Tuesday, May 6, 2008

Cemetery Preservation

Mount Rest Cemetery sits on a hill just south of La Plata and is the burial grounds for Christ Episcopal Church, the same one moved from Port Tobacco in the early 1900s. Most of the stones in this spot are fairly modern, but according to Dave Chapman, cemetery director for the parish, many of the older stones and burials were removed to this site.

My firm, Grave Concerns, was hired by the Charles County Genealogical Society to repair two of the older stones that had broken. This cemetery was vandalized about 10 years ago and was restored, but careless grounds keepers have damaged other stones over time. Another problem is that well-meaning people decided to encase some of the fragile marble tablets in concrete...always a bad idea.

An employee of Grave Concerns mending the gravemarker of Virlinda Stone.

The same stone after reapir.

There are many ways to preserve old burial grounds and just as many things one should NOT do to fix a stone. Like I mentioned above, a marble marker should never be repaired or re-erected using concrete or Portland cement. That material is much harder than marble and will create a snap point for the softer stone.

I will be speaking to the Charles County Genealogical Society on May 15th about cemetery repairs, research, and preservation and I will also discuss the subject one evening during the summer archaeology session at Port Tobacco in June. See ya'll there!


Ken Quantock said...

The maintenance of markers and the recording of data from these monuments are an important link to our past. In many cases these stones may be the only way in which we are able to trace our ancestors. Markers normally include the name, DOB and DOD of an individual where, in some locations, there is no paper trail. This may be due to the lack of any record keeping, or the loss of records due to wind, rain and fire.

A depression era marker of my grandfather consists only of a small round brass marker with the number 185....but with this information I was able to locate more information on date of death, an obituary, a death certificate and finally,a birth certificate including names of parents and spouse.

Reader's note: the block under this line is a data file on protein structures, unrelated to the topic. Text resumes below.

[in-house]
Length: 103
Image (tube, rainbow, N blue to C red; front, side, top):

I applaud the foresight of many cemeteries who recognize this and thankful that companies such as Grave Concerns exists.

With better record keeping the future should not hold the same problems. What will cause havoc for genealogists in the future, is that if the records are lost, the cremation and spreading of ashes will effectively erase burial information unless one choses to mark the location with some type of plague or small marker. I encourage a memorial marker on any burial or cremains....remember, it's not for us...it's for unborn great great grandchildren who will come to know us only through what we leave behind.

Were I closer, I would be one of your frequent volunteers.

Keep up the interest and the good work.

Dancing Willow said...

Awesome job on that stone! You can barely tell that it was decapitated.

Scott said...

Thank you Mr. Quantock. It's funny how the burial stone is erected to appease the living, yet after a few generations, they become more of a problem to many people and they are easily dismissed, literally and figuratively. It is a tragedy. Grave Concerns labors to educate people and help them realize the importance of these historic resources. These sites are the remains of the actual PEOPLE who made our history. We owe them.